In 2007, he paid Rod Stewart a reported $1million to perform at his extravagant 60th birthday party at which Patti LaBelle led the Abyssinian Baptist Choir singing He’s Got The Whole World In His Hands in his honour. Guests included Colin Powell and the New York mayor Michael Bloomberg.”

    Refer link above

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    National’s cuts to Police funding and drug enforcement officers has seen a surge in cheap P on our streets, says Labour’s Police spokesperson Stuart Nash. ...
    2 weeks ago
  • Who’s calling the shots? Bye bye surplus
    I would love to know who is calling the shots in the National government’s cabinet when it comes to deciding how best to spend taxpayers’ money.  On the evidence of the last few weeks, it definitely isn’t Finance Minister Bill ...
    GreensBy David Clendon
    2 weeks ago
  • Urgent rethink needed on workplace safety
      An urgent rethink is needed on the Government’s new workplace safety laws with the number of deaths this year already at the same level as at the same time in the 2015 calendar year, says Labour’s Associate Workplace Safety ...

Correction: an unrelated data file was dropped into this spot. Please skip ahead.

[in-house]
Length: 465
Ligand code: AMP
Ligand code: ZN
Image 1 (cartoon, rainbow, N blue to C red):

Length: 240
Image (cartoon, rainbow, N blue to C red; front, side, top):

2 weeks ago
  • Rubble and rubbish: spending time in post-quake Kaikōura
    I visited Kaikoura over the weekend – basically to see how the community was coping with all the rubbish and rubble created by last week’s 7.8 magnitude earthquake, and to see my brother Rob. I may have mentioned before that ...
    GreensBy Denise Roche
    2 weeks ago
  • Time to pull the plug on state house sell-off
    The collapse of the planned sell-off of state houses in Horowhenua is an opportunity for the Government to call time on its troubled state house sell off policy, says Labour’s housing spokesperson Phil Twyford. ...
    2 weeks ago
  • Treasury sounds warning bell – but National’s not listening
    Today's long term fiscal outlook issued by The Treasury is a welcome wake-up call on the need to dramatically improve and diversify our economy and properly plan for the future, Grant Robertson, Labour’s Finance Spokesperson says. “Through our Future of Work ...
    2 weeks ago